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Trying to Do Everything Is Slowly Killing Your Business You can't be everything to everyone. Here's how to set your focus and work backward to make the most of your time.

By Katie Burkhart Edited by Chelsea Brown

Opinions expressed by Entrepreneur contributors are their own.

You can't do it all. In fact, you shouldn't even try. The business machine has perpetuated the false notion that if you're not taking advantage of every new idea and hot trend, you won't grow. To feel like you're keeping up with everything you see on your social feed, you push your company to drive in so many different directions that you can't clearly talk about what you're doing, let alone know what should get your time and what shouldn't.

Because when everything is a priority, nothing is. To run an effective business, you need to focus on delivering value to the people you serve — and deliver that value better than anyone else.

Related: You Can't Do Everything, and If You Try to You'll Do Even Less

Doing everything ≠ growth

I walked into a software business with a firecracker CEO who had all the cylinders lit, ready to grow, grow, grow. After a few conversations with members of her team, I asked, "So, why are you all here again?" Between the CEO, advisory board, investors, consultants, and senior members of the team, the company had so many priorities, new ideas and different directions that it couldn't gain traction on any one of them.

I knew that without a more deliberate approach, the company would either start in the trendiest direction, drift from the path, then restart with a new idea — or try to do all of the things simultaneously and push until it stalled completely with its team frustrated and burned out.

Running a business that's trying to drive in all directions doesn't allow for productive steps forward, and it certainly doesn't enable growth over the long term. No team wants to put their time and effort into projects that go nowhere or have their plate so full of competing priorities that they're frantically trying to cross things off the list. And they certainly aren't looking to sit in any more pointless meetings in the name of getting on the same page. To cut through the noise and actually be productive, you need to focus.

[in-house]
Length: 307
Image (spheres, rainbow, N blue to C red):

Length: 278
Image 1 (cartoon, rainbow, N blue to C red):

Related: Most of What You've Read About Business Purpose is Wrong

Filter out the noise

Your focus comes from your purpose. As a business, you should exist to deliver value to the people you serve. Delivering that value is the point of building that new product, running more educational webinars or adopting the latest technology. Delivering value is the reason for what you're doing. And it's one your entire team can use as a filter for the choices they make.

In the case of the software company, they dug deep into what matters to their customers and articulated their purpose: to advance the way we communicate complex information. Then they evaluated their list of ideas and priorities to determine which ones delivered that value. They eliminated anything that didn't fit.

Once you've filtered options through your purpose, you also need to filter them through your unique capabilities, because you cannot effectively be all things to all people. The software company had a long history of developing well-loved graphics products, forming deep relationships in verticals that dealt with complex machines and providing outstanding support.

After eliminating a number of items that didn't align with their purpose, they examined what was left through the filter of their unique capabilities. Of all the ideas and directions they were considering, developing software that enabled everyone at a company to work with the same information on the same platform, in a visual format that made it easier to understand, would be the most impactful.